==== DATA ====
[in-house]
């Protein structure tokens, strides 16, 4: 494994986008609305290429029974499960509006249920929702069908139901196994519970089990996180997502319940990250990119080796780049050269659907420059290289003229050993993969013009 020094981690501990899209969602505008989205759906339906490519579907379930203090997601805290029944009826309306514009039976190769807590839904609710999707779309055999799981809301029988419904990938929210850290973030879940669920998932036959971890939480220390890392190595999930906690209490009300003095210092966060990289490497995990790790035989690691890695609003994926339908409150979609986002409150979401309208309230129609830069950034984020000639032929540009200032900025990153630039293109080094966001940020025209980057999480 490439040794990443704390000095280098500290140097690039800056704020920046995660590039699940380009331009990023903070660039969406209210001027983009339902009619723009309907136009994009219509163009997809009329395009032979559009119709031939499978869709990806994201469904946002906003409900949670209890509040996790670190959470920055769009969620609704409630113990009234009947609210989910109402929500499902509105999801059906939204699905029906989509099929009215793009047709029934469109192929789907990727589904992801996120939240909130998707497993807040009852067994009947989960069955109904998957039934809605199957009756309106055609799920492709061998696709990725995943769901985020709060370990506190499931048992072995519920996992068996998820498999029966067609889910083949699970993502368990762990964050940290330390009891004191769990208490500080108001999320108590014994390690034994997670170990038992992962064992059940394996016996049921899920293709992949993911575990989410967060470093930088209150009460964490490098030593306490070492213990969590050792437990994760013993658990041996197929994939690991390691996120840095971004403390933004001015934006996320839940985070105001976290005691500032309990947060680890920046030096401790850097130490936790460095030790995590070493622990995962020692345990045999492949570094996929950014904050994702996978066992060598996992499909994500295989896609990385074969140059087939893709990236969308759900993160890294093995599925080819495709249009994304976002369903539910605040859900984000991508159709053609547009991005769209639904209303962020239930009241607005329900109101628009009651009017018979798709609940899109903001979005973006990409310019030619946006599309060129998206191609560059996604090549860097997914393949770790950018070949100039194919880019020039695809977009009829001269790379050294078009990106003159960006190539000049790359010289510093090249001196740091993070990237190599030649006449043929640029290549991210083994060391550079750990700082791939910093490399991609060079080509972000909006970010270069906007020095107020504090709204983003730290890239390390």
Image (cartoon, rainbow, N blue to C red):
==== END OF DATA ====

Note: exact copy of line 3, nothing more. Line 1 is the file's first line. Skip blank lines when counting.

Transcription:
Image (cartoon, rainbow, N blue to C red):